But Cleveland was able to push for completion with $8 million in government grants and $34 million in state-backed bonds. Another $10 million to $15 million is expected to be raised from a superstar performance Saturday night billed as the “concert of the century,” with Bruce Springsteen and the E Street Band, Snoop Doggy Dogg, Melissa Etheridge, Prince and such pioneers as Jerry Lee Lewis, Chuck Berry, Little Richard and Johnny Cash. HBO will televise five hours of the show live from Cleveland’s Municipal Stadium beginning at 6:30 p.m.

Diehard rockers and proud of it

Before its new civic identity, this meat-eating, beer-drinking metropolis was tagged with a simpler motto: “Cleveland Rocks.” It comes from a 1979 Ian Hunter song of the same name and sums up the attitude of many rock ‘n’ roll musicians of the ’70s. While the rest of the country was doing the hustle and wearing gold chains, Cleveland remained a diehard rock ‘n’ roll town, and such concert sites as the Agora and the Music Hall attracted loud, wild audiences.

Of course, the city is also associated with “Hello, Cleveland,” the standard arena-rock salute from road-weary bands that was immortalized in Spinal Tap. And even with such favorite sons as the James Gang, the Raspberries, Pere Ubu and Nine Inch Nails, Cleveland’s live music legacy is nothing special.

What gives Cleveland its real claim to the Hall of Fame is that it was here in 1951 that WJW-AM disc jockey Alan Freed started attaching the words “rock and roll” to the black rhythm and blues music he played for a racially mixed audience. “Rock and roll” was blues jargon for sex; Freed didn’t invent the term, but he popularized it with the black and white teen-agers who scoured the bins, side by side, at the Record Rendezvous on Prospect Avenue, seeking out the latest hot wax from the likes of Roy Brown, T-Bone Walker and Big Mama Thornton.

Freed’s Moondog Coronation Ball, held March 21, 1952, at the Cleveland Arena, is generally recognized as the first rock concert. It was also the first rock concert to be shut down by police. As a crowd of 10,000 inside the venue listened to Paul Williams and the Dominoes, at least 5,000 outside stormed the gates to try to get into the sold-out show.

Vindication for a DJ and his city

Sadly, Freed will not be part of the grand-opening festivities for the seven-floor Hall of Fame. He died in 1965, at age 43, soon after being fired and disgraced when a “payola” investigation revealed that, while a DJ at WABC in New York, he had taken bribes to play certain records. His contribution to the advent of rock ‘n’ roll is not forgotten in the new hall, however, as an entire wall is filled with black and white photos of him in his heyday.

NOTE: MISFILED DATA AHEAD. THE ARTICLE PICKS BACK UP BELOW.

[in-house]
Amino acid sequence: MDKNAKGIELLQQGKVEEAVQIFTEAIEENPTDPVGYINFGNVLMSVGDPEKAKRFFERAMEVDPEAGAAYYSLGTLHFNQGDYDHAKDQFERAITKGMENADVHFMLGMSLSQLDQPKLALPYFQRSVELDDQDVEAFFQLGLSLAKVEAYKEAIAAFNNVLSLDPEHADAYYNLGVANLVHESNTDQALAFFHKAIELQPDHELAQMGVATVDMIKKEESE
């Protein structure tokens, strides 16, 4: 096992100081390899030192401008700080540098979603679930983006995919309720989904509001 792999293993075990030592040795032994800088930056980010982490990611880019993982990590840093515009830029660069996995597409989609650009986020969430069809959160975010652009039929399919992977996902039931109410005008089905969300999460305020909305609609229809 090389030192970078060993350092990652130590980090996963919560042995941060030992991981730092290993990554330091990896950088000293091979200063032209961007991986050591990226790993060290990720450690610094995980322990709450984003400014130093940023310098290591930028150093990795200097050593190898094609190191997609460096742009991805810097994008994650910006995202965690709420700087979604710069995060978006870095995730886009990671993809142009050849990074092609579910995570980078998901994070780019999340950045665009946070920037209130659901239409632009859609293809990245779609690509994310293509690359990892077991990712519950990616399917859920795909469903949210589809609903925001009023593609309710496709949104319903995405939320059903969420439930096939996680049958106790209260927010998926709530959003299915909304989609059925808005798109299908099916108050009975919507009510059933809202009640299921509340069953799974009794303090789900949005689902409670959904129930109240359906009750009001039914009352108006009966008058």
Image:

Not only does the proud, new Rock and Roll Hall of Fame and Museum vindicate Freed’s improprieties, it turns back the decades-long abuse of Cleveland as a dull, smelly, factory town. All week the fireworks have been exploding in the sky over a rejuvenated and rejoicing Cleveland, which leads into the hall’s mazelike first-floor layout.

PART II (Opinion): It opens

Moments before Friday’s ribbon-cutting ceremony for the Rock and Roll Hall of Fame and Museum, the sound system blared a recording of Jimi Hendrix playing at Woodstock. As the song came to an end in a hail of simulated gunfire and explosions, three jet planes roared overhead in close formation, and the crowd of about 20,000 proud townies cheered wildly. It was a moving moment, but like so much of the proceedings at the much-publicized museum opening, the histrionics missed the point.

Hendrix’s rendition was one of anger against the Vietnam War. So to see the jets flying overhead as if Natalie Cole had just done the anthem honors gave a prime example of just how imposing are the spin doctors of posterity.

To go along with hype that engulfed every nook and cranny of Cleveland like nothing short of a garbagemen’s strike, you would believe that rock and roll (no longer “rock ‘n’ roll”) is the most vital force on the planet and not some antiquated term that describes widespread riff recycling. “You’ve changed the map of America! You’ve changed the map of the world!” Yoko Ono shouted at the opening ceremony, as if culling a museum full of artifacts from the wreckage of rock and roll was a feat much greater than causing the greatest band of all time to break up.

Since Cleveland in January is a little like Siberia with football and rubber dog’s noses, and tax dollars are currently the consistency of blood from a stone, there’s no chance of “the new American city” sponsoring the Super Bowl in a sequoia’s lifetime. So, in a way, the opening weekend of the Rock and Roll Hall of Fame and Museum was Cleveland’s Super Bowl-like opportunity to shimmy and shine.